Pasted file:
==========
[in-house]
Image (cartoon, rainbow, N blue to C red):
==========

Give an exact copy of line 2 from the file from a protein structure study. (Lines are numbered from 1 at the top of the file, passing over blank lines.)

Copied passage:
Image (cartoon, rainbow, N blue to C red):